Most read reports
- Vital protection for refugee and migrant children making perilous sea journeys to Europe urgently needed
- World Economic Forum 2019 Annual Meeting launching a new Humanitarian Investing Initiative
- UNHCR appalled at news of refugee and migrant deaths on Mediterranean Sea
- Bachelet appeals for record funds to support UN human rights work in “an era of great turbulence.”
- EU increases its humanitarian assistance – record budget adopted for 2019
Strong growth in developing East Asia faces risks from global uncertainty and natural disasters
Press Release No:2012/160/EAP
Singapore, November 22, 2011 — Growth is still strong in developing East Asia, but continues to moderate mainly due to weakening external demand, underscoring the need for governments to refocus on reforms to increase domestic demand and productivity, says the World Bank in its latest East Asia and Pacific Economic Update released today.
The Prime Minister, Julia Gillard, speaking in Bali at the East Asia Summit, today outlined the practical steps Australia will take to assist South-East Asian countries to address the challenges of climate change.
These will include helping some South East Asian countries phase out inefficient incandescent light bulbs, improve coastal ecosystems and build the capacity of communities to respond to climate change in the region.
In this Issue
- AusAID Announces Support to Pacific Islands for Adaptation Initiatives
- Launch of National Climate Funds Guidebook
- UNDP's Work in Communities, Livelihoods and Markets
- Stories from Bangladesh, Tanzania, Cabe Verde, Jamaica, Kazakhstan, Namibia, Mekong Asia Pacific Countries, Small Island Developing States
- Updates per Regions
- Status of UNDP-supported Adaptation Initiatives
Pacific island communities are exposed to a wide range of natural disasters, including cyclones, floods, landslides, earthquakes, volcanic eruptions and tsunamis, as well as to the adverse effects of climate change such as coastal erosion, saltwater intrusion into farmland and fresh water sources.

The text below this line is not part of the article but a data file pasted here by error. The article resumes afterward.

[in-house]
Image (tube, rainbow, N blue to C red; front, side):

By Megan Rowling
LONDON (AlertNet) - Three Pacific island nations rank among the five countries most at risk of disasters, together with the Philippines and Guatemala, in a new index that measures social vulnerability as well as exposure to natural hazards and climate change.
Vanuatu and Tonga come first and second, with the Solomon Islands in fourth position. These low-lying Pacific island states are in a highly active seismic zone, as well as being under threat from sea-level rise, and judged to be poorly equipped to cope with disasters.
This year's World Humanitarian Day, Friday 19 August, comes at a time when the world mobilises to respond to the terrible humanitarian crisis in the Horn of Africa.
The Horn of Africa crisis has highlighted the devastating effects that protracted crises can have on the lives and livelihoods of people. Rising food prices, severe drought and a lack of food have compounded the effects of conflict and insecurity, leaving more than 12 million people in need of urgent humanitarian assistance.
In November 2010, the Government commissioned the first independent review of the aid program in 15 years. Its purpose was to assess the effectiveness of our current program and recommend how we can make it even better as it grows.
The "Independent Review of Aid Effectiveness" and the Government’s response were released on 6 July 2011 by Foreign Minister Kevin Rudd, in an official launch at Parliament House, followed by a Ministerial Statement to Parliament.
This is the 2nd edition of the Disaster Risk Management Program for Priority Countries, originally published by GFDRR in 2009. It now includes the country programs missing in the first edition (Burkina Faso, Malawi, Mali, Senegal, and Philippines 1) as well as an update of the DRM Country Program for Haiti (to take into account the impact of the January 2010 earthquake), Panama, Guatemala, Ecuador, Colombia, Costa Rica.